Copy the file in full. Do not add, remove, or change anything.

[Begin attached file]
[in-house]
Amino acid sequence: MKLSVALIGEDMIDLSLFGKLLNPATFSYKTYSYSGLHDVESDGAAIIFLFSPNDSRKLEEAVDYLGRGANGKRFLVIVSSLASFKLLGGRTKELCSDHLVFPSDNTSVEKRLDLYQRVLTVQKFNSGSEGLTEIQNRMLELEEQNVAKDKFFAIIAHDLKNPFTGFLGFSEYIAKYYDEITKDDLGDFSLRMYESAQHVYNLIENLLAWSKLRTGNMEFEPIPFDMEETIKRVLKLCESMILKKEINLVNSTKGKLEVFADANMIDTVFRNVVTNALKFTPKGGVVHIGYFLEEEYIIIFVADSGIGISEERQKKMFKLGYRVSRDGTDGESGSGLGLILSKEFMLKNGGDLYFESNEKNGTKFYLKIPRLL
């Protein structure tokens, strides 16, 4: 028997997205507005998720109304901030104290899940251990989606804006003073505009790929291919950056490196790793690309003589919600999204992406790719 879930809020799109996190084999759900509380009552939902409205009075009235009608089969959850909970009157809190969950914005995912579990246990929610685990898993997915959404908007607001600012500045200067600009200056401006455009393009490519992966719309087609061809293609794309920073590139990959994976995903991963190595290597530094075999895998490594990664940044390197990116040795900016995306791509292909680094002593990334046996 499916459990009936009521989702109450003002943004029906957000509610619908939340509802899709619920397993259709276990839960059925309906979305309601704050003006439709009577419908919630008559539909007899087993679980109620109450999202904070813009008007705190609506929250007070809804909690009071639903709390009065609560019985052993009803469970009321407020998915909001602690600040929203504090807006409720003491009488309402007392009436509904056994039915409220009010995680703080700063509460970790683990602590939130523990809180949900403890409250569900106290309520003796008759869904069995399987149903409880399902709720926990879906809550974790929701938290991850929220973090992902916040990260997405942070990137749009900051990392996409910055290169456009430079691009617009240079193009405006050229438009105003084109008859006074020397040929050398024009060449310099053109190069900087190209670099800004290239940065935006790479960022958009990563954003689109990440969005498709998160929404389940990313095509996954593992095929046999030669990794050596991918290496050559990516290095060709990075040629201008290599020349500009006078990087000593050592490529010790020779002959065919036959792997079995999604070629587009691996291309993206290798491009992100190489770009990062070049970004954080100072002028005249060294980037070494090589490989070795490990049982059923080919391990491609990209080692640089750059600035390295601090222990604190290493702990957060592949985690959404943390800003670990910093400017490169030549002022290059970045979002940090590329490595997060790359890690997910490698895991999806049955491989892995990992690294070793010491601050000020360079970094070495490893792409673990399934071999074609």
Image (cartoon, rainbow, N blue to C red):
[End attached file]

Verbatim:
[in-house]
Amino acid sequence: MKLSVALIGEDMIDLSLFGKLLNPATFSYKTYSYSGLHDVESDGAAIIFLFSPNDSRKLEEAVDYLGRGANGKRFLVIVSSLASFKLLGGRTKELCSDHLVFPSDNTSVEKRLDLYQRVLTVQKFNSGSEGLTEIQNRMLELEEQNVAKDKFFAIIAHDLKNPFTGFLGFSEYIAKYYDEITKDDLGDFSLRMYESAQHVYNLIENLLAWSKLRTGNMEFEPIPFDMEETIKRVLKLCESMILKKEINLVNSTKGKLEVFADANMIDTVFRNVVTNALKFTPKGGVVHIGYFLEEEYIIIFVADSGIGISEERQKKMFKLGYRVSRDGTDGESGSGLGLILSKEFMLKNGGDLYFESNEKNGTKFYLKIPRLL
């Protein structure tokens, strides 16, 4: 028997997205507005998720109304901030104290899940251990989606804006003073505009790929291919950056490196790793690309003589919600999204992406790719 879930809020799109996190084999759900509380009552939902409205009075009235009608089969959850909970009157809190969950914005995912579990246990929610685990898993997915959404908007607001600012500045200067600009200056401006455009393009490519992966719309087609061809293609794309920073590139990959994976995903991963190595290597530094075999895998490594990664940044390197990116040795900016995306791509292909680094002593990334046996 499916459990009936009521989702109450003002943004029906957000509610619908939340509802899709619920397993259709276990839960059925309906979305309601704050003006439709009577419908919630008559539909007899087993679980109620109450999202904070813009008007705190609506929250007070809804909690009071639903709390009065609560019985052993009803469970009321407020998915909001602690600040929203504090807006409720003491009488309402007392009436509904056994039915409220009010995680703080700063509460970790683990602590939130523990809180949900403890409250569900106290309520003796008759869904069995399987149903409880399902709720926990879906809550974790929701938290991850929220973090992902916040990260997405942070990137749009900051990392996409910055290169456009430079691009617009240079193009405006050229438009105003084109008859006074020397040929050398024009060449310099053109190069900087190209670099800004290239940065935006790479960022958009990563954003689109990440969005498709998160929404389940990313095509996954593992095929046999030669990794050596991918290496050559990516290095060709990075040629201008290599020349500009006078990087000593050592490529010790020779002959065919036959792997079995999604070629587009691996291309993206290798491009992100190489770009990062070049970004954080100072002028005249060294980037070494090589490989070795490990049982059923080919391990491609990209080692640089750059600035390295601090222990604190290493702990957060592949985690959404943390800003670990910093400017490169030549002022290059970045979002940090590329490595997060790359890690997910490698895991999806049955491989892995990992690294070793010491601050000020360079970094070495490893792409673990399934071999074609």
Image (cartoon, rainbow, N blue to C red):